Updated 2/2013

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San Fernando Valley (Area 2)

The San Fernando Valley Area 2 Superfund site (SFV Area 2) is one of four Superfund sites located in the eastern portion of California’s San Fernando Valley that EPA added to the National Priorities List (NPL) in 1986. The San Fernando Valley ground water basin provides drinking water to over 800,000 residents within the cities of Los Angeles, Burbank and Glendale, and the La Crescenta Water District. Contamination to area ground water resulted from a range of industrial operations. SFV Area 2 comprises an area of contaminated ground water covering about 6,680 acres near the Crystal Springs Well Field in the cities of Los Angeles and Glendale. The site supports industrial, residential, recreational and commercial land uses. A ground water pump-and-treat system to address ground water contamination in the area began operating under EPA oversight in 2000. EPA is working with the state to identify and clean up sources of volatile organic compound (VOC) and chromium contamination.
Updated 2/2013

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San Fernando Valley (Area 3)

The San Fernando Valley (Area 3) Superfund site (SFV Area 3) is a delisted Superfund site. SFV Area 3 is one of four San Fernando Valley Superfund sites that EPA added to the National Priorities List (NPL) in 1986. SFV Area 3 is located in a basin that is hydrologically separate from the other three San Fernando Valley sites. Located in the Verdugo basin east of the Verdugo Mountains, the site covers an area of about 4,400 acres. Land use in the Verdugo Basin is primarily residential along the floor of the valley and undeveloped (open space) in surrounding mountains. A strip of commercial development is present along Foothill Boulevard, and a Y-shaped commercial sector is present in the southern portion of the basin. The basin also contains four scattered agricultural areas. The Verdugo basin supplies water to an unincorporated area of Los Angeles County known locally as La Crescenta. La Crescenta Water District is responsible for supplying water to residents of the area. After reviewing results of ground water monitoring conducted from the 1980s until 2002, EPA, with support from the state, determined that Superfund cleanup actions at the site were not necessary. EPA issued a No Further Action Record of Decision (ROD) in 2004 and deleted the site from the NPL.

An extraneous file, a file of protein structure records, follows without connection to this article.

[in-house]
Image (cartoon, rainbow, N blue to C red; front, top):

Updated 2/2013

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San Fernando Valley (Area 4) Green Infrastructure

The San Fernando Valley (Area 4) Superfund site (SFV Area 4) is one of four Superfund sites located in the eastern portion of California’s San Fernando Valley that EPA added to the National Priorities List (NPL) in 1986. The San Fernando Valley ground water basin provides drinking water to over 800,000 residents of the cities of Los Angeles, Burbank and Glendale, and the La Crescenta Water District. Contamination to area ground water resulted from a range of industrial operations. SFV Area 4 is an area of contaminated ground water covering about 5,860 acres near the Pollock Well Field in Los Angeles. SFV Area 4 is located at the southern end of the San Fernando Valley aquifer in the Los Angeles Narrows area. SFV Area 4 is within a heavily developed urban area that includes a mix of residential, commercial and industrial land uses. The Los Angeles River and Metrolink (commuter train) service yard are major features of the area. EPA completed an interim investigation of the Pollock Well Field in April 1994 and concluded that selecting and implementing a Superfund cleanup approach for the Pollock Area was not necessary because the Los Angeles Department of Water and Power designed and built a volatile organic compound (VOC) treatment facility. The Pollock Treatment Plant became operational in 1999. EPA plans to evaluate the effectiveness of the Pollock Well Field project as part of its ongoing basin-wide studies, and determine the need for additional actions.
Updated 2/2013

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San Gabriel Valley (Area 1) Green Infrastructure